Now, we think that the respondent boards acted illegally in overturning the adverse decision of the building inspector, and permitting a non-conforming structure and use without legal evidence.

Where, as here, the building inspector refused a building permit, because admittedly prohibited by the zoning ordinance, and an appeal is taken to the board of adjustment pursuant to subdivision 4 of section 9 of chapter 274 of Pamph. L. 1928, to obtain a special exception permitting a non-conforming structure and use, it is illegal for the board of adjustment to recommend and for the board of commissioners to approve such special exception and thus overturn the adverse decision of the building inspector, in the absence of legal evidence tending to establish facts which are made prerequisites of such exercise of power by the statute and ordinance, and to overcome the presumption that the ordinance was reasonable in its application. Sharff v. East Orange Board of Adjustment, 6 N.J. Mis. R. 905; Chancellor Development Co. v. Senior, 4 Id. 633; Benbak Construction

[109 NJL Page 588]

Co. v. Orange Board, 6 Id. 543, 544; Smith v. Kearny Zoning Board of Appeals, Ibid. 954, 956; Hendey v. Ackerman, 103 N.J.L. 305, 309; Concord Development Co. v. Dowling, 6 N.J. Mis. R. 552, 554.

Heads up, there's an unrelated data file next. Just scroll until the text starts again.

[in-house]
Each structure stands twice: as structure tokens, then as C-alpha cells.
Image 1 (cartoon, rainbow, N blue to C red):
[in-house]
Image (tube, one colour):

The Orange zoning ordinance, adopted on May 11th, 1922, was continued in effect by the present zoning statute (Pamph. L. 1928, ch. 274, p. 698, ยง 7), as though it had been adopted under the provisions of the statute.

The power of the board of adjustment with respect to "special exceptions" is given it by section 9 of the statute of 1928.

Thereby it is given power in appropriate cases, and subject to appropriate conditions and safeguards, to make special exceptions to the terms of the ordinance in harmony with its general purpose and intent and in accordance with general or specific rules therein contained. Its chairman has power to issue subpoenas for the attendance of witnesses and the production of records and may administer oaths. All meetings of the board shall be open to the public. The board shall keep minutes of its proceedings, and shall keep records of its examinations and other official actions, all of which shall be immediately filed in the office of the board and shall be a public record. Appeals to the board may be taken by any person aggrieved or by any officer of the municipality affected by any decision of the administrative officer.

By subdivision 4 of section 9 the board is given power to recommend in writing to the governing board, upon appeal in specific cases, that a structure or use be allowed in a district restricted against such structure or use where the lands in respect of which such recommendation is made do not about a district in which such structure or use is authorized by the zoning ordinance or where, as here, such lands are more than one hundred and fifty feet beyond the boundary line of the district in which such structure or use is allowed by the zoning ordinance; and in case such recommendation shall be approved by the governing body, then the administrative officer in charge of granting permits shall forwith issue a permit for such structure or use.